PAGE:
My First Thankful Thanksgiving
By Robin of Berkeley
Thanksgiving was never a favorite holiday of mine. Now that I think about it, I never cared for any of them: 4th of July, Christmas, or Columbus Day (which, by the way, Berkeley long ago renamed "Indigenous People's Day").
If I'm being completely honest here, my main activities during the holidays were ranting and raving. For instance: Why should we celebrate Thanksgiving when the holiday marks the slaughter of Native Americans? Why do these cashiers keep cheerfully extolling me to "have a Merry Christmas!"? And if I hear one more [censored] Christmas song, I will lose my frigging mind.
I too feel blessed, even as I must face the unavoidable sorrows of this transient human life. My health problems flare up; I'm worried but still feel blessed. I live in an insane area and lack community -- and yet, through it all, my gratitude never wavers.
This is because I know what it's like to live with and without God. I know what it's like to search aimlessly for something I lack, not even knowing what it is, and to blindly embrace political leaders because they promise to fill the void. And I know the bliss of finding what I was looking for all along.
Because I live a before-and-after existence, every day feels brand new. Now when I start losing something precious -- which I am doing right now, as a close friend is broadsided by a deadly disease -- I know that something endures even after everything else is gone.
As my cup runneth over this Thanksgiving, my mind drifts to the many guides and mentors I've had along the way. I'm eternally grateful to American Thinker's mensch of an editor, Thomas Lifson, who embraced my writing from that first article two years ago, "Letter of Amends."
By doing so, Thomas opened a window for me into the conservative community -- "My Peeps" -- that I would not have discovered on my own. He gave me the chance to find my way to those readers who, quite frankly, changed my life. I can even recall the exact moment when the spark of the Divine was planted in my consciousness.
I was reading a comment by a reader who wrote the oddest and yet most intriguing thing. He/she wrote, "God is revealing Himself to you." I had no idea what the person was talking about; I had never heard language like this before. And yet because my eyes moistened, I knew that a door to something big and transformative had been opened.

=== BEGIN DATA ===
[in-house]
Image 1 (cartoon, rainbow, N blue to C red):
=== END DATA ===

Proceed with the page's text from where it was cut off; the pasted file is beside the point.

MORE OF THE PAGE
But mostly, as I celebrate my First Thankful Thanksgiving, I feel so blessed that God gave me the opportunity to get my head on straight, even though I am on the cusp of my twilight years. For reasons I will never understand, He gently plucked me up and deposited me with this faithful flock. And given the dark times we live in, He did this just in the nick of time.
But then, three years ago, the bottom fell out of my life. Slowly but surely, it dawned on me that everything I had held as sacrosanct was a lie. I woke up -- and now I behold the world with fresh eyes. Consequently, I am celebrating my First Thankful Thanksgiving. Of course, I was just one of the progressive pack, parroting the party line. Being a Leftist means honing in on every possible injustice. Never-ending gripes and grievances are the glue that keeps progressives cemented together.
Instead of laser-focusing on every unfairness, I am now moved by life's bounty. I finally see my great fortune in being born in this country, in this moment in time. Although I used to lambaste the United States and everything it stood for, I realize that I was like a spoiled child -- ungrateful, mean-spirited.
I was under the delusion that living in another country, any other country, would be better than in the world's oppressor, the U.S. of A. And now that I've actually gotten a clue, I thank my lucky stars that I was not born a woman in Iran, Ethiopia, China -- actually anywhere aside from the United States.
I realize all of this now, but also much, much more. Because not only is this my first Thanksgiving as a patriotic American, but it's my first as a true believer. With my spiritual evolution, my life has come full circle.
So this Thanksgiving, I feel not only grateful, but blessed. I read something evocative in the illuminating book Back to Virtue. The author writes that before a person believes in God, he feels either happy or unhappy. The person will cling to fleeting pleasures, no matter how harmful they may be.
When a person wakes up to the Divine, he's still sometimes happy and other times unhappy. But through all the trials and tribulations of this human realm, he continually feels blessed.
... with the animals dying around usA frequent American Thinker contributor, Robin is a recovering liberal and a licensed psychotherapist in Berkeley. You can contact Robin through her website: www.robinofberkeley.com. She would like to wish her readers a very happy Thanksgiving!
our lost feelings we are saying thank you
with the forests falling faster than the minutes
of our lives we are saying thank you
with the words going out like cells of a brain
with the cities growing over us like the earth
we are saying thank you faster and faster
with nobody listening we are saying thank you
we are saying thank you and waving
dark though it is.
(From Listen, by W. S. Merwin)